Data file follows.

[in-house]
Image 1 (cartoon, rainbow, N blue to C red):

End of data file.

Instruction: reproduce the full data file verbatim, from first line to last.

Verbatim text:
[in-house]
Image 1 (cartoon, rainbow, N blue to C red):